On 1 July 2023, the Ukrainian Ministry of Energy (‘MoE’) announced that the Ukrainian Parliament had adopted a draft law to encourage the development of green and renewable energy in the country. According to the MoE, the draft law introduces several innovations to Ukraine’s energy sector, such as: allowing electricity consumers to self-generate electricity which can be sold back to the national grid; allowing for the possibility of verifying the source of electricity being supplied from renewable sources; introducing a model of contracts for green auctions; introducing a market premium system for green energy producers as well as improvements to corporate contract mechanisms; and, allowing investors to complete renewable energy facilities that were suspended due to the outbreak of the war in Ukraine in 2022.  



South African president announces plan to launch a launch USD 1 billion SA-H2 fund for green hydrogen investments 

On 20 June 2023, South African President Cyril Ramaphosa (‘Ramaphosa’; 2018-Present) announced his intention to launch a USD 1 billion green hydrogen fund following a business forum that was held in South Africa. The forum was attended by state dignitaries and representatives of Denmark and the Netherlands, as well as private institutions from these respective countries. According to Ramaphosa, the Netherlands has committed USD 1 billion to create a SA-H2 fund, a finance fund that will focus on green hydrogen investments in South Africa. The makeup of the fund was not disclosed. Danish and Dutch private and public entities have also pledged to finance other green energy projects, such as a USD 200 million pledge to set up a new fund market for investments in green energy infrastructure by Denmark-incorporated Copenhagen Infrastructure Partners and the South Africa-incorporated Mulilo Energy Holdings SA.  


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Monetary Authority of Singapore announces plans to develop a common framework of ESG metrics for micro, small and medium enterprises  

On 22 June, the Monetary Authority of Singapore (‘MAS’) signed a statement of intent with the United Nations Development Programme (‘UNDP’) and Global Legal Entity Identifier Foundation (‘GLEIF’), a Switzerland-based NGO, to develop digital ESG credentials for micro, small and medium-sized enterprises (‘MSMEs’) worldwide. The initiative, known as Project Savannah, aims to establish a common framework of ESG metrics for MSMEs, to enable them to establish their basic sustainability credentials and ultimately meet UN standards.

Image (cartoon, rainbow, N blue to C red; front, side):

The project envisions MAS to provide a digital reporting tool for MSMEs to lodge their ESG data according to the metrics provided. These businesses will then generate basic ESG credentials with the reported data. These credentials will be stored in and made accessible to authorised third parties via the Global LEI System maintained by the GLEIF. The initiative aims to strengthen the MSME’s ability to gain access to global financing and supply chain opportunities.  


South America 

Chile receives USD 150 million World Bank loan to accelerate green hydrogen development  

On 29 June, the World Bank Board of Directors announced that it had approved a USD 150 million loan to finance Chile’s Green Hydrogen Facility  in an effort to support a green, resilient and inclusive economic development project. The project will primarily support local communities with the potential to produce clean hydrogen, create green jobs, decarbonise local industries and accelerate Chile’s commitment to reach carbon neutrality by 2050. Additionally, green hydrogen development will improve energy security and increase the integration of renewable energy sources. While the World Bank has made an initial investment, the total project cost is estimated at USD 431 million. The World Bank aims to assist the Chilean government to mobilise additional financing from the private sector and other multilateral partners to generate at least USD 280 million.  


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ESG Watch is S-RM’s round-up of the latest regulatory and policy updates relating to ESG from around the globe.

To discuss these articles or other related developments in ESG, please reach out to one of our experts.